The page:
September through October is a great time to plant. Everything from deciduous trees and evergreens to shrubs and perennials get a head start on root growth when planted in the fall. While the hole is dug and the soil is loose, adding bulbs in with fall plantings is a guarantee of first signs of spring color popping up in the winter landscape.

Breaking Ground

Bulbs can be planted once nighttime temps drop into the low 50s and up until the ground freezes. These food storage units for flower buds seek sunshine in well-drained soil. They provide the best display when planted in clusters or groups. Choose from a large variety of bulbs that bloom from late winter to very late spring.

As a general rule, plant bulbs at a depth of three times the height of the bulb and 3” apart. Tulips are the exception, needing to be planted 10” deep. Instead of using a cylindrical tool for planting singular bulbs, our perennial guru Joannie recommends making a ditch or larger hole with a shovel to break up the soil, allowing space for the roots to grow. She even suggests putting bulbs in the same hole dug for the perennials being planted. “Do not plant in a block of clay. They may survive but they will not thrive.” Adding a mix of leaf mulch or Growing Place Garden Compost to the soil when planting bulbs will help amend more clay-like soil.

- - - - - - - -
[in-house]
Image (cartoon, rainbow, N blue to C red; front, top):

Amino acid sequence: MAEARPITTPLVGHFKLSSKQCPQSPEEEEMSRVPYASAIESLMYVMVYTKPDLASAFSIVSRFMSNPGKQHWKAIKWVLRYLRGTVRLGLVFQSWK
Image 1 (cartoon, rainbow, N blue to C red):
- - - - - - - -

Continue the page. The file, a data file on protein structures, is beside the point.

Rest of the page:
Bulbs and Their BFFs

Narcissus, or daffodils, have large yellow or white flowers on sturdy stems. Along with grape hyacinth (Muscari armeniacum) and Allium, daffodils are resistant to pests. We recommend planting them all together for varied color, height and texture in the spring garden. Tulip bulbs can be planted near these companion bulbs as a deterrent to animals from digging them up.

You can plant a variety of bulbs together and you can intersperse bulbs with other perennials, giving color that lasts through the seasons. For example, a few of our fall favorite perennials are ornamental grasses and sedums. When planted near daylilies and perennial geraniums, the fall colors of the grasses and sedums illuminate after the blooms of the daylilies and geraniums are spent. Planting bulbs with these companion plants extends interest in the garden from spring through fall.

In addition, plant very early spring bulbs like Crocus and Galanthus with spring-flowering perennials. Why? Bulb foliage should not be cut back until it is limp and yellow when the plant’s energy has been restored to the bulb. Spring perennial foliage covers the spent bulb foliage during this time. Great spring perennial companion plants for bulbs are Brunnera, Bleeding Hearts, and Hellebores.

If you think of your yard as shaded, is it due to deciduous trees? Very early spring bulbs can be planted there because they will bloom before deciduous tree leaves bud out. Plant among Hosta and Astilbe to hide the bulb foliage after blooms are spent and energy is restored to the bulb for next year’s first signs of spring.